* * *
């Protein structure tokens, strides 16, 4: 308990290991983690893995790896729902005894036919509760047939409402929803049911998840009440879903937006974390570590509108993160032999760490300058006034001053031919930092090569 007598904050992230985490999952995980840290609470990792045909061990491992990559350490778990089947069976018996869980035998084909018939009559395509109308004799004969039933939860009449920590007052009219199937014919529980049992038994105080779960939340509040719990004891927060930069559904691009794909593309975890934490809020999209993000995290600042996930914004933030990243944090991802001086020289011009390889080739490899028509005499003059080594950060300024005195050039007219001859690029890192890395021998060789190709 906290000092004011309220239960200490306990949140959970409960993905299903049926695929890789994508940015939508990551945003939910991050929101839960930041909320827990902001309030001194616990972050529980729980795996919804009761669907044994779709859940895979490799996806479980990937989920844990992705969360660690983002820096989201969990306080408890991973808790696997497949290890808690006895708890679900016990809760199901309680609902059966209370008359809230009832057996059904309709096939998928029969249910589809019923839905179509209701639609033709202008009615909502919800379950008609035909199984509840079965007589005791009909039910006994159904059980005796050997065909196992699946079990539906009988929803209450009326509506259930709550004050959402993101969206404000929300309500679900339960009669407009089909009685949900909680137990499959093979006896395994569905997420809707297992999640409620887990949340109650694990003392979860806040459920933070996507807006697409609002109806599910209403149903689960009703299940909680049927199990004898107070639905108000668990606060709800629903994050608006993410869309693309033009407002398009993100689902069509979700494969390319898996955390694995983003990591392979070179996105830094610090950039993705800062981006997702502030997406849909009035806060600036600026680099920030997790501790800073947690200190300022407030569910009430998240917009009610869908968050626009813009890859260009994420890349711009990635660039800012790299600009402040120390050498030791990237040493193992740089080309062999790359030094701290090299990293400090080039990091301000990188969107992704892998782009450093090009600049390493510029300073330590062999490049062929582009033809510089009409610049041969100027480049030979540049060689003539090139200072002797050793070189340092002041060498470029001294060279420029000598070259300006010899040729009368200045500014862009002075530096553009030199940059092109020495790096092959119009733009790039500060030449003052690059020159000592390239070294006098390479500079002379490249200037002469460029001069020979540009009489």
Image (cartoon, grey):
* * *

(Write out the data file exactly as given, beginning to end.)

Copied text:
């Protein structure tokens, strides 16, 4: 308990290991983690893995790896729902005894036919509760047939409402929803049911998840009440879903937006974390570590509108993160032999760490300058006034001053031919930092090569 007598904050992230985490999952995980840290609470990792045909061990491992990559350490778990089947069976018996869980035998084909018939009559395509109308004799004969039933939860009449920590007052009219199937014919529980049992038994105080779960939340509040719990004891927060930069559904691009794909593309975890934490809020999209993000995290600042996930914004933030990243944090991802001086020289011009390889080739490899028509005499003059080594950060300024005195050039007219001859690029890192890395021998060789190709 906290000092004011309220239960200490306990949140959970409960993905299903049926695929890789994508940015939508990551945003939910991050929101839960930041909320827990902001309030001194616990972050529980729980795996919804009761669907044994779709859940895979490799996806479980990937989920844990992705969360660690983002820096989201969990306080408890991973808790696997497949290890808690006895708890679900016990809760199901309680609902059966209370008359809230009832057996059904309709096939998928029969249910589809019923839905179509209701639609033709202008009615909502919800379950008609035909199984509840079965007589005791009909039910006994159904059980005796050997065909196992699946079990539906009988929803209450009326509506259930709550004050959402993101969206404000929300309500679900339960009669407009089909009685949900909680137990499959093979006896395994569905997420809707297992999640409620887990949340109650694990003392979860806040459920933070996507807006697409609002109806599910209403149903689960009703299940909680049927199990004898107070639905108000668990606060709800629903994050608006993410869309693309033009407002398009993100689902069509979700494969390319898996955390694995983003990591392979070179996105830094610090950039993705800062981006997702502030997406849909009035806060600036600026680099920030997790501790800073947690200190300022407030569910009430998240917009009610869908968050626009813009890859260009994420890349711009990635660039800012790299600009402040120390050498030791990237040493193992740089080309062999790359030094701290090299990293400090080039990091301000990188969107992704892998782009450093090009600049390493510029300073330590062999490049062929582009033809510089009409610049041969100027480049030979540049060689003539090139200072002797050793070189340092002041060498470029001294060279420029000598070259300006010899040729009368200045500014862009002075530096553009030199940059092109020495790096092959119009733009790039500060030449003052690059020159000592390239070294006098390479500079002379490249200037002469460029001069020979540009009489």
Image (cartoon, grey):